angry driver

We used to live in a courteous world, a more formal world.  One where people were called “Mister” or “Miss” and where the door was always held open by the person entering immediately in front of you.  That courtesy may have also been evident on the roadway.  Now? Not so much.

Being a safe and responsible driver takes a combination of knowledge, skill, and attitude. It stretches beyond simply knowing and obeying the laws of the roads. Honestly, it takes a little courtesy.

Is photo radar helping?

The police would have us all believe that travelling a few kilometres over the speed limit leads to dreadful accidents.  “Speed Kills” campaigns and all of that.

While excessive speed can be very dangerous, almost 25 years in the business of dealing with loss caused by motor vehicle accidents gives us a unique perspective in looking at the cause of collisions.

There are certain areas of our good city where all of us would agree: the speed limits are ridiculous. Typically, photo radar is set up in these locations as the City’s Finest continue with their unrelenting efforts to separate Edmonton drivers from their cash. Is this making our city safer?

Don’t misinterpret these remarks. Excessive speed in any situation is dangerous. When you hear about horrible collisions, you often will hear that “speed was a factor”. Of course, it’s usually also that intoxication, poor driving, lack of judgment, and other reasons are in play. Speed is ALWAYS a factor when there is a traffic accident. If your vehicle strikes something, you were ALWAYS approaching that something at a speed too great for the circumstances, whether it was 10 kph or 100 kph.  Reporting that “speed was a factor” really sheds little light on the root cause of the accident.

In many cases, it’s a simple lack of courtesy that is the root cause of accidents. Generally speaking, traffic should flow. Sudden changes in speed often result in accidents. What causes sudden changes in speed? Unavoidably, sometimes there is an accident ahead. If a lane is blocked, congestion will ensue.

Here’s where the suggestion for courteous driving comes in:

1. Move out of the way – quickly

If you are in a non-life threatening car accident, take a few quick photos of the roadway and the damage and then move off the road! Exchange your documents on a safe shoulder. This will be safer for you than standing on the roadway and it will allow traffic flow to continue. I can’t tell you the number of small fender benders I run across where everyone is out standing on the roadway and traffic is backed up for miles.

2. No rubbernecking

If you are attempting to pass the accident scene: pay attention to your driving and not the accident! Keep moving, with safety!

3. Merge in an orderly fashion

To get into a single lane, alternate turns. What is with the people who rev up to close a gap when they sense someone getting ahead?

4. Don’t slam on the brakes when approaching photo radar

Quite frankly, photo and laser radar also causes a lot of tail lights to light up. Remember, you don’t have to slow to under the limit!


Although many drivers love to exert a right to drive in whatever lane they choose, that does not help traffic flow.  As a result, driver frustration behind may increase because there will be a slowdown for that lane.

6. Don’t block the right lane at a red light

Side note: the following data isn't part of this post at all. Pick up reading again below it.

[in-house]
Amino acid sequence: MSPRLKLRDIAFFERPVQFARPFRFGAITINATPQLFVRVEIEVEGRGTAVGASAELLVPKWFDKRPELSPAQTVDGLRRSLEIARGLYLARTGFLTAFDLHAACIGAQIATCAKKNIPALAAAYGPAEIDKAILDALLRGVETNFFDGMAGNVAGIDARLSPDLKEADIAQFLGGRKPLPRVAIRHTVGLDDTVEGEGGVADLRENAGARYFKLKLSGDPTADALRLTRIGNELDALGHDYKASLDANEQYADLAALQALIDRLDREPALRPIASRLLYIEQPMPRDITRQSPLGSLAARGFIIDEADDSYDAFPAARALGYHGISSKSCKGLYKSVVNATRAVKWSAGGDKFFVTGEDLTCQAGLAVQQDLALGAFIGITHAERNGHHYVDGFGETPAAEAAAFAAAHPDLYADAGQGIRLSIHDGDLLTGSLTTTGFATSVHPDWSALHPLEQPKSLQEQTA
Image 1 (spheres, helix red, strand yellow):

If you are not turning right, consider not sitting in the curb lane at a red light. You are impeding the progress of others.

7. Show your appreciation

Remember, a smile and a wave go a long way. Try it, you may even find it brightens your own “road mood”. Cranky and angry drivers are probably more prone to make driving mistakes than those who are relaxed.

8. Be courteous to others on the road

Driving well is more than just obedience to the rules. You must care about the safety of others on the road. Everyone is responsible for avoiding collisions. Drivers have to cooperate to keep traffic moving safely and freely. Courteous driving means giving other drivers space to change lanes, not cutting them off, and properly signalling turns and lane changes.

9. Practice defensive driving

A courteous driver is a good defensive driver. Courtesy includes ensuring good visibility and space.

10. Pay attention

You should always be aware of traffic in front, behind, and beside you. Keep your eyes constantly moving, scanning the road ahead and to the side, and checking your mirrors regularly. The farther ahead you look, the less likely you will be surprised by something ahead.

11. Be seen

Use appropriate signal lights and headlights. Don’t roll along in the blind spot of the car beside you on the road. Drop back or move forward.

12. Leave plenty of space

Manage the space around your vehicle. Don’t tailgate and get out of the left lane if there are vehicles on your tail.

13. Mind your own business

There are a certain number of “nanny” drivers out there who feel the need to gesture and comment regarding the driving of others. Stop caring if someone passed you, sped up beside you, or went through a yellow light. Be responsible for yourself, be courteous, and hopefully – it will catch on.

Car accident lawyers in Edmonton

Hopefully these tips will result in safer roads for all of us. Unfortunately, we cannot control the actions of others, and even if we exercise the tips listed above, we are still at risk of being involved in a motor vehicle accident. The experienced car accident lawyers at Robinson LLP can help you settle a claim and get the compensation you deserve if you’ve been injured in a motor vehicle accident.  Contact us today for a free consultation.

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